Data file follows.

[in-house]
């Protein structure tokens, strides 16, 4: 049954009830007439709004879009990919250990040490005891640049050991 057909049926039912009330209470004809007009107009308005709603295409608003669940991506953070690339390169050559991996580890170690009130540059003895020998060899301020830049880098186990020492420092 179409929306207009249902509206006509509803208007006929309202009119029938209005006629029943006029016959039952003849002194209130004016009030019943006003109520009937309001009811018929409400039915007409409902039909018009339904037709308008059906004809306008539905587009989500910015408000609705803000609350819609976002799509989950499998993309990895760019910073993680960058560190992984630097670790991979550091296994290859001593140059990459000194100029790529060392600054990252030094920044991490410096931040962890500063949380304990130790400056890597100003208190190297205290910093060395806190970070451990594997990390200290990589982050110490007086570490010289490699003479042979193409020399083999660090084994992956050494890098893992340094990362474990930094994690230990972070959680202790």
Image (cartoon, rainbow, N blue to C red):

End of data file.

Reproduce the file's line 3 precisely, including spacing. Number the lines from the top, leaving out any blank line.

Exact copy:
Image (cartoon, rainbow, N blue to C red):